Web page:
Fiorella puts a fair amount of time and thought into naming the characters in her literary endeavors. Unlike new mothers, she knows what her characters are going to be like as adults, and she can name them accordingly. That's a perk that writers have.
In "The Cask of Amontillado," Poe used his characters' names as a kind of shorthand to tip us off as to their--well--characteristics. Fortunato, the antagonist, has money and luck. Montresor ("my treasure"), the protagonist, contends that everything Fortunato has should have been his. Since Montresor is a wascally wabbit, Fortunato's name becomes ironic, thus adding to Poe's gallows humor.
In Roth's "The Conversion of the Jews," the protagonist's name is Freedman, an obvious choice for a young adolescent who challenges closed-mindedness. His rambunctious best friend's name is Lieberman, which a German exchange student told me is sort of like "homey." Ozzie Freedman's inhibiting rabbi is named Binder. Seems obvious, but I taught this story for two semesters before I caught on.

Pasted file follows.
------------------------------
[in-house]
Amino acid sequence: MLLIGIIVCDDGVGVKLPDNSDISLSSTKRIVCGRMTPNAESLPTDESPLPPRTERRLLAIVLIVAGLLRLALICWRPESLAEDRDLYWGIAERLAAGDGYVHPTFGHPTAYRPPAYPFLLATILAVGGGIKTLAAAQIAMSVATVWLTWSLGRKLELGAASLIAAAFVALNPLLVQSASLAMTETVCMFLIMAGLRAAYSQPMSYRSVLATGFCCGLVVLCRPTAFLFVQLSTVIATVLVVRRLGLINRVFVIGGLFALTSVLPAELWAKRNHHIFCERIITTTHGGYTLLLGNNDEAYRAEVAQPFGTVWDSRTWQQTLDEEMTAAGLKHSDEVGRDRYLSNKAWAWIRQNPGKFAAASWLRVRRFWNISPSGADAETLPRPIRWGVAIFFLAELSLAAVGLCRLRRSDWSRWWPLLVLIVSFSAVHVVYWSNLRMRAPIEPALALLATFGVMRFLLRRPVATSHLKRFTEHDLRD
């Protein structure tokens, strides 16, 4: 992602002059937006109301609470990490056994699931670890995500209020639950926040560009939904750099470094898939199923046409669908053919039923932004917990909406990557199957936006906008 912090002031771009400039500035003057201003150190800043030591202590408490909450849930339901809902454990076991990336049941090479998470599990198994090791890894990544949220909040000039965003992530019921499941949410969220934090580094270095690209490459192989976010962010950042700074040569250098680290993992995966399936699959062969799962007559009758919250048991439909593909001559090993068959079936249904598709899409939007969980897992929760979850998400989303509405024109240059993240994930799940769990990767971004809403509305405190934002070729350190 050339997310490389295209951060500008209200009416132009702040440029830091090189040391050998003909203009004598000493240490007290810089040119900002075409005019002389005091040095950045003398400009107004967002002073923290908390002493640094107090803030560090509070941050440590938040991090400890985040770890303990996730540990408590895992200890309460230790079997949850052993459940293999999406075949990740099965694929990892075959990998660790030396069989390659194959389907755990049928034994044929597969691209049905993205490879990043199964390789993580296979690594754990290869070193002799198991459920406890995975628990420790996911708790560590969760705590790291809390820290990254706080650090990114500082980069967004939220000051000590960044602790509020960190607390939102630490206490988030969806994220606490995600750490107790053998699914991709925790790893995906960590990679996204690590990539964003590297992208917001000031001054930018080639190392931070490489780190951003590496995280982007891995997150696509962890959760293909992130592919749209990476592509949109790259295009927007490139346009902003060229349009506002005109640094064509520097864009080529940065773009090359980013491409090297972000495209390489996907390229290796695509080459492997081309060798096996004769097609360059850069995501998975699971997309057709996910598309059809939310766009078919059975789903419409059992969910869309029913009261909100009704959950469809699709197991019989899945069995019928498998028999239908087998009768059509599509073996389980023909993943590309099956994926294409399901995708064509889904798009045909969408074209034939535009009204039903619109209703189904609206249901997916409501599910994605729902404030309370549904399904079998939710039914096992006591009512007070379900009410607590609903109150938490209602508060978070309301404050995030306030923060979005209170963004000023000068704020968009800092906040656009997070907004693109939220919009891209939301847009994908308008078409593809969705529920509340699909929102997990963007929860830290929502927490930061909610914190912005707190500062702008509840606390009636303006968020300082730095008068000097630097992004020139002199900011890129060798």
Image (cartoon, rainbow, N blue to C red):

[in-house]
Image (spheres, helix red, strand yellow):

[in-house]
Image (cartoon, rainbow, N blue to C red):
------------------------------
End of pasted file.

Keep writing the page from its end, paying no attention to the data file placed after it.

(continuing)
In "An Occurrence at Owl Creek Bridge," Bierce doubles back on us by giving his protagonist a name promising Tara-type romance--Peyton Farquhar. It's a hero's name, the name of someone who wins every battle and the girl besides. Then Bierce turns the tables on us.
This is the parade in which Fiorella marches. After all, how do you think she herself was named?